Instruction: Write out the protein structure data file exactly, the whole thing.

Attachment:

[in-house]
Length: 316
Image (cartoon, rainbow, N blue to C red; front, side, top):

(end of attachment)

[in-house]
Length: 316
Image (cartoon, rainbow, N blue to C red; front, side, top):